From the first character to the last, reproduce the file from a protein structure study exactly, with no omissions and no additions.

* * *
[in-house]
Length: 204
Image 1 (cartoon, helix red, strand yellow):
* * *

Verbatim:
[in-house]
Length: 204
Image 1 (cartoon, helix red, strand yellow):